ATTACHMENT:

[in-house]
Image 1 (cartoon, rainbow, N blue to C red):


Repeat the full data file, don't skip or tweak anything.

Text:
[in-house]
Image 1 (cartoon, rainbow, N blue to C red):